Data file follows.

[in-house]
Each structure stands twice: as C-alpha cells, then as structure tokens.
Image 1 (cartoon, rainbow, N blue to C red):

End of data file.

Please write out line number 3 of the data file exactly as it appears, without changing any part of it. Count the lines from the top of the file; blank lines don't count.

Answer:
Image 1 (cartoon, rainbow, N blue to C red):